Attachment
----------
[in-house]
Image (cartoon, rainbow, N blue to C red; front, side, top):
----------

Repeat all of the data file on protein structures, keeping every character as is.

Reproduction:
[in-house]
Image (cartoon, rainbow, N blue to C red; front, side, top):